HELP (Higher Education Loan Programme – used to be known as HECS) is a government scheme which provides a loan to students to fund the cost of tuition of Commonwealth Supported university places, many people know this as HECS. The cost of your tuition is calculated and you have a loan account established for you. Unlike a standard bank loan there is no set interest rate on the debt, instead the value of the debt rises with the Consumer Price Index. The current indexation rate is 1.5% for 2016, this compares very favourably with bank loans. Repayments on the loan are not required until you reach a minimum level of income, currently $54,869 (for 2016-17). When your income is above the minimum threshold your repayments are based upon a proportion of your wage (starting at 4%) and increase as your wage reaches higher income levels (to a maximum of 8%, for incomes over $101,900). These thresholds change on a yearly basis. If you choose to repay your some of your HECS early, repayments of over $500 are eligible for a 10% discount, however this discount is due to be removed from 1 January 2017. More details about the HELP scheme are available at the Study Assist website.
If you have cash available should you pay make a voluntary repayment or do something else with the money? Well the answer on that depends upon when you do it and your particular circumstances.
We’ve looked at a scenario where someone has $10,000 in their transaction account and is wondering whether they should use that to repay their $10,000 off their HELP debt, their mortgage, their credit card or put it into a high interest savings account.
Before 31 December 2016
The 10% reduction on debt means that with a $9,000 outlay from your bank account you could wipe out $10,000 worth of debt, leaving you with $1000 in your bank account, essentially you are in front by $1000 by making the repayment off your HELP debt due to the discount. Alternatively you could look to pay off your home loan, assuming you paid $10,000 off your home loan you would save approximately $325 interest over the next year assuming an interest rate of 4.75%. Alternatively you could repay $10,000 off your credit card and save approximately $1750 over the next year in interest. Finally you could decide to put your money in a term deposit or high interest savings account and earn around $300 before tax.
Based on the calculations above, the discount on your HELP debt is pretty attractive, you struggle to do better than that unless you have high interest lending such as credit cards. A good rule of thumb is that if your interest rate is above 11.5% then saving on your interest outweighs the benefit of the discount available on your voluntary HELP debt repayment.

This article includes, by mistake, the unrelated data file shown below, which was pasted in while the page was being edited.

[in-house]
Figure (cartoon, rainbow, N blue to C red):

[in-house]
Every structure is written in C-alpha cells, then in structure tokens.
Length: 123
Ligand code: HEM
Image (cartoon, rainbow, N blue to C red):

After 1 January 2017
The loss of the discount makes a big difference to the economics of repaying the HELP debt. Once the discount has disappeared you can make a reasonably straightforward comparison between the interest rate you are paying on your home loan, credit card and the HELP debt. As with the previous example credit card debts are usually the ones with the highest interst rate so it makes sense to pay these first (around 19%), next usually comes personal loans (around 13%), home loans (around 5%) and lastly your HELP debt (around 1.5%).
The HELP debt is one of the cheapest forms of debt around, it was designed that way. Once the discounts have gone you will have very little incentive to repay it early and unless you are a high income earner with a high tax rate it may even make sense to earn a modest rate of interest in an high income savings account rather than repaying the debt.
To qualify for the discount your payment must be processed before 31 December 2016, given the Christmas period and the public holidays, you should plan for this well in advance. If you are trying to access the discount, aim to have it all done and dusted by the middle of December.
If your cash flow is very tight, you might want to think twice about repayment of your HELP debt, even if you would benefit from the discount. Many debts such as home loans and even credit cards have the option to redraw on them if you find you need access to those funds again. HELP doesn’t have a redraw facility, so if you have decided you are going to repay the debt make quite sure that you are not going to need that money in the near future.
If you are getting close to paying off your HELP debt in full then it might be wise to give some thought to what you are going to do with your surplus cash. You might find that your fortnightly net pay goes up when your repayment obligations have finished and/or you get a large tax return because your employer has withheld more than was required to repay your debt. In these instances it is really easy (and tempting) to absorb this new income and adjust your spending up. A much more constructive use for the funds is to think about how you might be able to make real headway in your financial independence and security whether its through increasing the payments off your other debt, increasing the savings to your home deposit or putting a little more into super? Whatever you decide to do, make it a conscious choice.
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